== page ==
Americans Waste Than Half Their Food Allowance On Meals That Require No Cooking

If the Bureau of Labor Statistics has it right, then Americans don’t like cooking very much. The latest numbers reveal an annual average food budget of just over $7,000 (approx. $150/week). More than half of this is spent on food products and services that require no cooking. Here’s a little breakdown:

An impressive $3,008 per year is spent on dining out, which includes “fast food, take-out, delivery, concession stands, buffet and cafeteria, at full-service restaurants, and at vending machines and mobile vendors.”

$726 goes toward ‘miscellaneous foods’, which Business Insider defines in more detail:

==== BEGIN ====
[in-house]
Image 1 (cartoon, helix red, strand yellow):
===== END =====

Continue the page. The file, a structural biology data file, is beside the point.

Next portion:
“This category appears to be comprised mostly of premade meals and snacks (think Hot Pockets and Lean Cuisines, as well as Doritos and almonds), though it also includes: ‘condiments and seasonings, such as olives, pickles, relishes, sauces and gravies, baking needs and other specified condiments; and other canned and packaged prepared foods, such as salads, desserts, baby foods, and vitamin supplements’.”

Finally, a hefty $374 is spent on non-alcoholic beverages, which likely means soda, juice, and milk, none of which are particularly good for human health.

Most shocking, for me, was how little is spent on whole fresh foods. A mere $247 a year on fresh vegetables and $284 on fresh fruits? That’s about as much as I spend per month on those same items. More than twice as much is spent on sugar ($155) than eggs ($63), and bakery products ($344) are another clear yet questionable favorite. A whopping $832 goes toward meat and fish, although the Bureau divides this number into different categories based on the type of animal protein, which is why it’s not in the top three.